Kuma’s Great Adventures

Kuma’s Great Adventures

Mountain Lion attacks in Tramonto

Told by Kuma & Written by Lorraine Bossé-Smith

Being on the north end of Phoenix certainly has its advantages. We tend to be a little cooler than downtown, and we don’t usually get the haboobs or dust storms. We have lots of wonderful open space—although mom says that will be changing as the state is selling off massive amounts to pay teachers—and I love our starry nights. All of this led my parents to purchase our home here in Tramonto, and we are enjoying our fifth summer here.

Because we aren’t overbuilt yet, we have a lot of wildlife. Mom just loves all the roadrunners, and we have quail everywhere. I personally like the bunnies. I sniff them out and then notify my mom of their presence. I leave them alone because life outside in the desert is difficult enough without some dog chasing them. Recently, we stumbled upon two Javalinas. They are ugly beasts—and mean, too. We turned to go the other way, and they left us alone. We were grateful.

Mom and I have been followed by coyote packs. That always makes us nervous. I can see in their eyes that I look like a snack to them! I know animals are just trying to survive, but when a bobcat tried to come into my yard once, I wouldn’t have it. I let it know under no circumstances was it welcome here. Woof!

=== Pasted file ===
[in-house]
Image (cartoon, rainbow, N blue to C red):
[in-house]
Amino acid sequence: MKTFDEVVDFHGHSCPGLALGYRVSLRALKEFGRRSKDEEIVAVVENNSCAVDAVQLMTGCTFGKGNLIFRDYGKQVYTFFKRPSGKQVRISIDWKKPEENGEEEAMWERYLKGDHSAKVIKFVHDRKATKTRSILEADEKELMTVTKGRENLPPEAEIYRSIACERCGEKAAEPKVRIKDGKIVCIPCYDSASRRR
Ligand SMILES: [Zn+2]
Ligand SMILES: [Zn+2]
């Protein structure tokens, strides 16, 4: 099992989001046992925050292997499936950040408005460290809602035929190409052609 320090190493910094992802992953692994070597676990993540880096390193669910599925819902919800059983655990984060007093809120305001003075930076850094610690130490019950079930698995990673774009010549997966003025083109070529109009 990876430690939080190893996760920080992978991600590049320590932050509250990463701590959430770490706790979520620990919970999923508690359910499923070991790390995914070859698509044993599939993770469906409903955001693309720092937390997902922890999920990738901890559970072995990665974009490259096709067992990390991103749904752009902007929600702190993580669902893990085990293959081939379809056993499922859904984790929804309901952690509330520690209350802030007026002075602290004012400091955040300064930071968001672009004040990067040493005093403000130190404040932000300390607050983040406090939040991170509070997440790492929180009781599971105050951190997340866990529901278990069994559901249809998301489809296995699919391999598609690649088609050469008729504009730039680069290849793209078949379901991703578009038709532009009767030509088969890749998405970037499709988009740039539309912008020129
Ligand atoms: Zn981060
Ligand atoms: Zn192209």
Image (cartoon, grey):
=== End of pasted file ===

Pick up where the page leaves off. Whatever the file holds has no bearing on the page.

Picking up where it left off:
Let me warn you now: what I’m about to share is extremely sad. Unfortunately, it is a true story. Recently, our neighbor behind us saw a mountain lion in his backyard. Their cat was in the swimming pool trying to evade it. No such luck. Both mountain lion and cat ended up on our shared brick wall. When the cat jumped into our yard, it ran to our boat for safety. The mountain lion followed, and I won’t share the graphic details of what took place next. Suffice it to say our boat cover was completely shredded and destroyed, and when me and my mom went outside, we found Manilow dead.

Mom had just babysat for Manilow when her humans were out of town for Memorial Day. Manilow looked a lot like my brother, Edmond, so seeing her dead was alarming. Her scent was different, so I wasn’t confused, but it was still unsettling. She was a beautiful black cat with awesome eyes. She was also a mamma, and we don’t know the fate of her kittens. I had to sniff out the entire crime scene, and it is exactly as told. Thankfully, the mountain lion killed Manilow in one bite, so she didn’t suffer. What I don’t understand is why Manilow was left and not eaten? If you can explain that to me, I’d appreciate it. Death to live is life in the wild, but killing to kill doesn’t sit right with me. Anyway, we wrapped her up for our neighbors so they could bury her properly. We paid our respects and said a little prayer.

Please humans: Remember, we live in wild area. All these creatures were here first and are just trying to live. If you have small to mid-size animals, be sure to scope your backyard out before they are let out. Right before sunrise and after sunset are the most dangerous times, but you never know when you will encounter a wild animal. Be diligent and alert. Should you encounter a mountain lion, yell and scream. Be fierce and scare it away. Your dog or cat’s life could depend upon it. Rest in peace sweet Manilow. 

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